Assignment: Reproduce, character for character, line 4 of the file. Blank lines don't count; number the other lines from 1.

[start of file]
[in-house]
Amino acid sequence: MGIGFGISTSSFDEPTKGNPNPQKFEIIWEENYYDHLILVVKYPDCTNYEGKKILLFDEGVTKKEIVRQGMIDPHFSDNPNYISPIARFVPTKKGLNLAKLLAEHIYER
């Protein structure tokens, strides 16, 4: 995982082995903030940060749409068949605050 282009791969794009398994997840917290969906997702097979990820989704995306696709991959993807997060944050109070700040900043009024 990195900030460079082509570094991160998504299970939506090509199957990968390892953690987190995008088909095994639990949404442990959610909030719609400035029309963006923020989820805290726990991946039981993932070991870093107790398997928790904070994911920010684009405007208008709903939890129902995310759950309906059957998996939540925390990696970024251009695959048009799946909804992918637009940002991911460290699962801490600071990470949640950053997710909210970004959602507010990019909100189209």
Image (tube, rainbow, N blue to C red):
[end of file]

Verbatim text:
Image (tube, rainbow, N blue to C red):